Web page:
The state’s livestock producers will soon have access to local DNA testing with United Kingdom company Weatherbys to establish a laboratory at the University of Adelaide’s Roseworthy Campus.
The company is already testing for Australian clients through its Irish laboratory and hopes to begin testing in SA by late next year.
It has just appointed an Australian and New Zealand sales manager.
Weatherbys Scientific general manager Aaron Venables says the company sees great potential for growth in genetic testing of sheep, beef and dairy cattle, as well as the equine industry in the Asia-Pacific region.
At the moment, the only livestock genotyping laboratory in Australia is located in Qld.
“While we already have clients in Australia, logistically the 10.5-hour time difference is difficult for us to provide the level of service we are used to providing, so we need to have a local presence,” Mr Venables said.
“We believe we are a market leader with the expertise to work with Australian producers in using this technology,” he said.
Weatherbys Scientific processes about 25,000 tests each week from across the world.
Mr Venables says the strong support of the state government’s Department of Trade, Tourism and Investment and the chance to work closely with the Davies Research Centre and the University of Adelaide’s leading equine facilities at the School of Animal and Veterinary Sciences made SA their choice for a laboratory.
He says the company hopes to offer a more cost-effective, rapid turnaround of samples to give livestock breeders more time to make their flock or herd selection decisions.
“We can ship anywhere in the world in two days and then process the samples sent in within two to three weeks so we should be able to do at least that well once we are in Australia,” he said.
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Davies Research Centre director John Williams, who visited the company in the UK last week, says it will provide breeders with a choice of genomic service providers, which was good for ensuring competitive prices.
“We have been working with Weatherbys for a long time and are impressed by the quality of their service so it will be exciting to have an Australian alternative to go to,” he said.
“With them co-located on the Roseworthy Campus, it will be a chance to work with them developing additional products for the livestock industries.
“It is early days, but during my visit to Weatherbys we already started discussing the possibility of a joint R&D laboratory located with university researchers to be at the forefront of developing new services for the industry.”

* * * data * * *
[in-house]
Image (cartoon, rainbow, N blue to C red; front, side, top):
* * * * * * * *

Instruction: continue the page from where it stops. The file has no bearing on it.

UK company to set up laboratory in SA
Weatherbys is synonymous with the racetrack in the United Kingdom and Ireland, holding the stud book registrations for thoroughbred horses for the past 247 years.
This includes a record of the results of every horse race and the horses’ bloodlines.
The company has expanded into other areas including Weatherbys Scientific, formed in 1985 to blood type racehorses.
As technology has evolved it has moved into DNA testing and bioinformatics, with sheep and cattle breeders now its biggest customers.
Many UK breed societies are its clients and in a major project with the Irish Cattle Breeders Foundation, Weatherbys has genotyped 1.5 million cattle in the past four years.
Weatherbys tests include parentage verification but also screening for production and environmental traits.
“There are 53,000 genetic loci our cattle test looks at to address characters from animal welfare to fertility, reproduction, in dairy milk production and in beef the quality of steak that animal provides,” Mr Venables said.
“In Ireland there are more cows than humans and they produce more emissions than cars so we are working on projects that look at these environmental traits also in addition to the value of the beef herd.”
The company is continuing its SA recruitment process.
“From earlier next year we will do the sample preparation in SA to send to Ireland, and as soon as the volume of business is large enough we will set up a full laboratory at Roseworthy, hopefully by the end of next year,” he said.